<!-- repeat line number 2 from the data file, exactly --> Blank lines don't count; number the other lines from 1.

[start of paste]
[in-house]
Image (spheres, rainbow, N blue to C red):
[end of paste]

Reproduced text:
Image (spheres, rainbow, N blue to C red):